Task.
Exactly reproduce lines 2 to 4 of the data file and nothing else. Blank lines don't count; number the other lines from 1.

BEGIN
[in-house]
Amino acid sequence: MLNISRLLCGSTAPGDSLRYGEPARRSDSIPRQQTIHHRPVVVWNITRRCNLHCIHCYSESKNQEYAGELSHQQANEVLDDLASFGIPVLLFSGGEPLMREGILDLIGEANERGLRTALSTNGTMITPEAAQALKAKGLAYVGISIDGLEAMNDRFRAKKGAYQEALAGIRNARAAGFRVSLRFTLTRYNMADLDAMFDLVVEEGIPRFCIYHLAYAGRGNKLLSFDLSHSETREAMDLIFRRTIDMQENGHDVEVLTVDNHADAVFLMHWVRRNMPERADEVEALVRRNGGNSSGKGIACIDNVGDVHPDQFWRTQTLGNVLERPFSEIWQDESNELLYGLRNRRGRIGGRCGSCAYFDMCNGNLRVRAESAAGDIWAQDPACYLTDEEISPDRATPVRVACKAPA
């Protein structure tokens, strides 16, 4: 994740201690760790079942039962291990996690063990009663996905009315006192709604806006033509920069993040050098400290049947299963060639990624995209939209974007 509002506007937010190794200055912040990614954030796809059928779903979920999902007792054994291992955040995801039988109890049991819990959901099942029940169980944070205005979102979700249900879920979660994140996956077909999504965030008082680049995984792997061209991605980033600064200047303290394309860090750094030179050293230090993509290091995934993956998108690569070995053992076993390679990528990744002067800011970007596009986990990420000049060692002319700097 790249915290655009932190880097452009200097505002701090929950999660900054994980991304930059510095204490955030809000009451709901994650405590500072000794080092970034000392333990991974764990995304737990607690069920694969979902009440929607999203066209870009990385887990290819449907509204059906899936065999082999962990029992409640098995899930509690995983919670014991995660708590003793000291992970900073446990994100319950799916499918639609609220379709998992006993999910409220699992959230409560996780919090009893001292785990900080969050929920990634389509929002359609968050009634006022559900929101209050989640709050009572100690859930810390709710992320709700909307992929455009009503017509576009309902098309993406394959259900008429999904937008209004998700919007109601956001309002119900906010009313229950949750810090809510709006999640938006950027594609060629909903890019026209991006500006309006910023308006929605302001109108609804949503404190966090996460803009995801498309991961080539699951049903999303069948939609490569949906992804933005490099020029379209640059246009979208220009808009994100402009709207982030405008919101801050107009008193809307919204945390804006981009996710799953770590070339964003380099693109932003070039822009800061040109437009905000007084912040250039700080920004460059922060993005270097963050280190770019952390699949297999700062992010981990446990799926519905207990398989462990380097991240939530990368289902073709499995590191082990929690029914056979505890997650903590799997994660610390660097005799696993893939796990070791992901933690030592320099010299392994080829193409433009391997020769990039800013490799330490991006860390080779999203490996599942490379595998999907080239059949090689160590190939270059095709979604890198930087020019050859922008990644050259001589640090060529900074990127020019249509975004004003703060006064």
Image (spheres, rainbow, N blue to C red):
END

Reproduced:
Amino acid sequence: MLNISRLLCGSTAPGDSLRYGEPARRSDSIPRQQTIHHRPVVVWNITRRCNLHCIHCYSESKNQEYAGELSHQQANEVLDDLASFGIPVLLFSGGEPLMREGILDLIGEANERGLRTALSTNGTMITPEAAQALKAKGLAYVGISIDGLEAMNDRFRAKKGAYQEALAGIRNARAAGFRVSLRFTLTRYNMADLDAMFDLVVEEGIPRFCIYHLAYAGRGNKLLSFDLSHSETREAMDLIFRRTIDMQENGHDVEVLTVDNHADAVFLMHWVRRNMPERADEVEALVRRNGGNSSGKGIACIDNVGDVHPDQFWRTQTLGNVLERPFSEIWQDESNELLYGLRNRRGRIGGRCGSCAYFDMCNGNLRVRAESAAGDIWAQDPACYLTDEEISPDRATPVRVACKAPA
């Protein structure tokens, strides 16, 4: 994740201690760790079942039962291990996690063990009663996905009315006192709604806006033509920069993040050098400290049947299963060639990624995209939209974007 509002506007937010190794200055912040990614954030796809059928779903979920999902007792054994291992955040995801039988109890049991819990959901099942029940169980944070205005979102979700249900879920979660994140996956077909999504965030008082680049995984792997061209991605980033600064200047303290394309860090750094030179050293230090993509290091995934993956998108690569070995053992076993390679990528990744002067800011970007596009986990990420000049060692002319700097 790249915290655009932190880097452009200097505002701090929950999660900054994980991304930059510095204490955030809000009451709901994650405590500072000794080092970034000392333990991974764990995304737990607690069920694969979902009440929607999203066209870009990385887990290819449907509204059906899936065999082999962990029992409640098995899930509690995983919670014991995660708590003793000291992970900073446990994100319950799916499918639609609220379709998992006993999910409220699992959230409560996780919090009893001292785990900080969050929920990634389509929002359609968050009634006022559900929101209050989640709050009572100690859930810390709710992320709700909307992929455009009503017509576009309902098309993406394959259900008429999904937008209004998700919007109601956001309002119900906010009313229950949750810090809510709006999640938006950027594609060629909903890019026209991006500006309006910023308006929605302001109108609804949503404190966090996460803009995801498309991961080539699951049903999303069948939609490569949906992804933005490099020029379209640059246009979208220009808009994100402009709207982030405008919101801050107009008193809307919204945390804006981009996710799953770590070339964003380099693109932003070039822009800061040109437009905000007084912040250039700080920004460059922060993005270097963050280190770019952390699949297999700062992010981990446990799926519905207990398989462990380097991240939530990368289902073709499995590191082990929690029914056979505890997650903590799997994660610390660097005799696993893939796990070791992901933690030592320099010299392994080829193409433009391997020769990039800013490799330490991006860390080779999203490996599942490379595998999907080239059949090689160590190939270059095709979604890198930087020019050859922008990644050259001589640090060529900074990127020019249509975004004003703060006064």
Image (spheres, rainbow, N blue to C red):